Meredith Clark is the author of Lyrebird (Platypus Press, 2020), a story of loss, told in fragments. Documenting a miscarriage and the end of a love relationship, Clark’s debut presents a moving meditation on how it is possible to approach a thing with tenderness and still watch it break.
Clark has received Black Warrior Review’s nonfiction prize and the Sonora Review nonfiction prize and her work has appeared or is forthcoming in Phoebe, Gigantic Sequins, Denver Quarterly, Berkeley Poetry Review, Poetry Northwest, and elsewhere. She holds an MFA in writing from the School of the Art Institute of Chicago, and a BA in creative writing from Oberlin College. She is the recipient of grants and residencies from Artist Trust, Art Farm Nebraska, Jack Straw, and Vermont Studio Center.
I first met Clark at a chapbook-binding work party at Common Area Maintenance, a cooperative gallery in Belltown, Seattle. She’d come to hand-stitch books and to support the community of writers in putting out a new anthology of poems for the Till Residency. As we developed a friendship, we realized that we had many things in common; we both graduated from the same art school-based writing program and worked with many of the same artists. We both appreciated the labor and focus of letterpress printing and used leaves as a canvas upon which to print. Most significantly, we each knew the grief of losing a child.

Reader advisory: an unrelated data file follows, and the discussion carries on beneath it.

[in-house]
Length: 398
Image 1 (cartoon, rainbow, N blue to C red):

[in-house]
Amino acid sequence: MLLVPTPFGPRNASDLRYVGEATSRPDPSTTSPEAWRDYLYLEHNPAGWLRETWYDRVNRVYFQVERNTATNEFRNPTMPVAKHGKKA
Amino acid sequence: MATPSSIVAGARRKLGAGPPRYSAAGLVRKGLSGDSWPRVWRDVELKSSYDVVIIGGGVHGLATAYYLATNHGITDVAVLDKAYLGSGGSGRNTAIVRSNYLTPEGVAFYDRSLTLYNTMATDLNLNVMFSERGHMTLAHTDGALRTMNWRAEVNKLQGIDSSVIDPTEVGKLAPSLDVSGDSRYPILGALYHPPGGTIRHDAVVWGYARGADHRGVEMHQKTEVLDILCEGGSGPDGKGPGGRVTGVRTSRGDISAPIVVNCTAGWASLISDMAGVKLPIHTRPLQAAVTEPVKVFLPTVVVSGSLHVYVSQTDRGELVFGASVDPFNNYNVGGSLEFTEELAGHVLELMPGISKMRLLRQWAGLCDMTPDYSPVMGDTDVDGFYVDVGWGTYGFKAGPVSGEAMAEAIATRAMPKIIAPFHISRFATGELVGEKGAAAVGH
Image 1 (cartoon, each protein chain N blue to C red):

The Rumpus: Your new book is described as a “lyric memoir.” As a poet, what was your experience of setting out to write a work of prose? Were there models that you turned to as you crafted Lyrebird?
Meredith Clark: I think calling this book a lyric memoir is a bit of a nod to the musicality of the lyrebird—much of the book itself wants to be sung. But I don’t necessarily think of Lyrebird as neatly fitting into either poetry or prose. People have referred to it as each, neither, and both. I’m very interested in writing and reading work that resists categorization, or that does many things at once. Some of the books that most influenced Lyrebird were Maggie Nelson’s Bluets, Jenny Boully’s The Body, and Theresa Hak Kyung Cha’s Dictee.
Rumpus: In Lyrebird, the speaker asks herself if she is writing the child into being. Her pregnancy becomes real when she sees a cluster of cells on her ultrasound. How do words and language work in a similar way to speak an abstract idea into reality? How did you go about “writing a memoir about a real person” that you didn’t know?